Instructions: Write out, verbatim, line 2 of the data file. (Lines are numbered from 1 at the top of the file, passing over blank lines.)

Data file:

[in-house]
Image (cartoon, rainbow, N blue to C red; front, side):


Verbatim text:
Image (cartoon, rainbow, N blue to C red; front, side):